Here's the famous poem by T.S.Watt (1954) which originally appeared in The Guardian and that has been used countless times in the English class.
The poem is read by Joanne Rudling, from How to spell.
The words highlighted in bold in the poem are those which I think an Intermediate 2 student should know. The rest of the words the poem illustrates would fall into the advanced level.
I take it you already know
Of tough and cough and dough?
But what about, hiccough, thorough and through?
Beware of heard, a dreadful word
That looks like beard and sounds like bird,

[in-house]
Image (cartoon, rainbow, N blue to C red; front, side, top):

And dead: it's said like bed, not bead
For goodness sake don't call it 'deed'!
Watch out for meat and great and threat...
They rhyme with suite and straight and debt.
(meat-suite, great-straight, threat-debt.)
There isn't a moth in mother,
Nor both in bother, or broth in brother,
And here is not in there
But ear is in dear and fear
But not in bear and pear;
And then there's dose and rose
But lose, goose and choose,
And cork and work and card and ward,
And font and front and word and sword,
And do and go and thwart and cart
Come, come, I've hardly made a start!
A dreadful language? Man alive!
I'd learned to speak it when I was five!
But will I write it before I die?
I hope so, I say with a sigh!